We could have easily spent over a week just in Olympic Peninsula because there is so much to see and explore. It is all nature here with miles of beaches to endless trails that can be enjoyed at Olympic National Park. We only spent a few days in this area but can not forget the beautiful sunsets, chasing hundreds of birds, maple trees which were covered in deep blankets of moss, and the prospect of finding things that traveled from Japan to Washington while strolling the beach.
Ruby beach is probably one of the most beautiful beaches on Washington Coast. The sea stacks towering high above the beach floor is a beautiful sight. Some of these sea stacks have holes in them and during low tides you can look through. We also found one with an arch that you could walk through. Among all these statues made by waves you can find solitude and a certain peace is hard to find anywhere else. We have never seen so many drift wood laying around on the beach. It is no wonder so many have spent hours creating structures out of them. Our children loved exploring them.
To access this beach you have to access it on the Kalaloch Lodge property. Since we stayed at the property this was a perfect beach to spend hours on. We watched the sunset, we chased large groups of birds, we tried beachcombing but only found a toothbrush, and we watched 3 whales swim right in front of us. We played in the sand until our feet were so cold and tired. We could have not thought of a better way to end the day by chasing hundreds of birds and finding jellyfish as the tide went in.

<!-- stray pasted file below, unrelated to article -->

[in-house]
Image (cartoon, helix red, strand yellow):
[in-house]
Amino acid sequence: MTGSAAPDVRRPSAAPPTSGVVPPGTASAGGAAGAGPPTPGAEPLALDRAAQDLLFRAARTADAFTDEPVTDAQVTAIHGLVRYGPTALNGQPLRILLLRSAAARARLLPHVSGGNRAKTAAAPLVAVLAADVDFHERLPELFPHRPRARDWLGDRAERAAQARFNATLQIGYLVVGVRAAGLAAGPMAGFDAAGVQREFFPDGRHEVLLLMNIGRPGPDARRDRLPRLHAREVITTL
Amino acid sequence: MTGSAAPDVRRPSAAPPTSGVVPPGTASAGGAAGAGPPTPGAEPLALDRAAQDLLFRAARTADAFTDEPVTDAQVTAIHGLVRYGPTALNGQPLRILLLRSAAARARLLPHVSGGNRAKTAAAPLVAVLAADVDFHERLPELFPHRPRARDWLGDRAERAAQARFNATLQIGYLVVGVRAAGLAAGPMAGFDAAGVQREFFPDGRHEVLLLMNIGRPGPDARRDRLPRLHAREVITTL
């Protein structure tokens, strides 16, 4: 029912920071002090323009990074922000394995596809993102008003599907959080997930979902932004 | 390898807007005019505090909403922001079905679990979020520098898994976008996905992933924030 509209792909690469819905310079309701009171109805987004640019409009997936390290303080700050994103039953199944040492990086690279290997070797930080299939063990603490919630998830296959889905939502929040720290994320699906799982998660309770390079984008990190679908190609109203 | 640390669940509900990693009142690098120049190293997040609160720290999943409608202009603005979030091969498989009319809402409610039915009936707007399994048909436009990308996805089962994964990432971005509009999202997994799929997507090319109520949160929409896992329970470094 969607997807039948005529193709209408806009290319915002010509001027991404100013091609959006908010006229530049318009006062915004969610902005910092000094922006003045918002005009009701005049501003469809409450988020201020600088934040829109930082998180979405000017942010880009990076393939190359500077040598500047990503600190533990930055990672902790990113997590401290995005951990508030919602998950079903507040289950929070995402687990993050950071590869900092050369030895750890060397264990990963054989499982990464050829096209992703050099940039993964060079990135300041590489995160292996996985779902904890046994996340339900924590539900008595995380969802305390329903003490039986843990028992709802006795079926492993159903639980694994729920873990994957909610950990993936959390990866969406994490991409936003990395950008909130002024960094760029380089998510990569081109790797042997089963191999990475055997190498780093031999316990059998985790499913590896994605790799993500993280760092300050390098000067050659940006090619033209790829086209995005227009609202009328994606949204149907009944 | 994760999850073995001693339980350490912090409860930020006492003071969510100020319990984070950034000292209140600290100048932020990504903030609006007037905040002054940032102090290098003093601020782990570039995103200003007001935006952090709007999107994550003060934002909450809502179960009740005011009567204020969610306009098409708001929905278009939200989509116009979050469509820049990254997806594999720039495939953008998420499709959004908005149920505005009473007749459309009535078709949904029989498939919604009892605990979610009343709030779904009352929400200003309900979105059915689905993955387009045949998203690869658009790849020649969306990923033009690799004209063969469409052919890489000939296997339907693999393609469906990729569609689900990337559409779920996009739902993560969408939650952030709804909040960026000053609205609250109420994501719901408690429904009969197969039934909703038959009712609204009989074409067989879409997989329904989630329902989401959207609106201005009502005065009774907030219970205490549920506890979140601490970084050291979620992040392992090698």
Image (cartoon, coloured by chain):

Olympic National Park : Hoh Rain Forest
As you go deep into the Olympic National Park you get to Hoh Rain Forest Visitors Center. This is a great place to visit with children because you can take some easy but beautiful trails here. If you want to hike 17.5 miles then you’d love Blue Glacier trail but if you only have one day to explore this park there are a few easy loops which you can take with your children. We hiked two very short hikes. The Hall of Mosses trail is only 0.8 miles and the Spruce Nature trail is 1.2 miles long.
The Hall of Mosses will take you into a Northern Rainforest where you see all the moss hanging off the trees and the vegetation is dense here. The other loop (Spruce Nature trail) shows you different parts of the canyon. It takes you off the Hoh River so you can see all the natures elements that make up this beautiful place.
Hoh gets as much as 14 feet of rain a year and due to fog and mist it is like it receives another 30 feet of rain. The conditions are just right for moss to grow and flourish. The best time to visit Hoh Rain Forest is April or May.
John’s Beachcombing Museum
This was the first time we have heard of the word “beachcombing”. Did you know that beachcombing is the activity of searching the beach for treasures. This is one cool hobby. We walked around the beach in hopes to find something unique. Elizabeth found a blue toothbrush that had Japanese writing on it.
John has been collecting treasures for over 40 years and he has it all. My favorite were the notes in the bottle and nature finds.
There are not many lodging options at Olympic Peninsula. We loved the location of Kalaloch Lodge. You could stay in a cabin and if you reserve early enough you might be the lucky one to have the view of Kalaloch Beach. We weren’t one of the lucky ones. However, we did get a spacious room in the Seacrest House and we had our very own private balcony.
Located at 157151 US-101 Forks, WA 98331.
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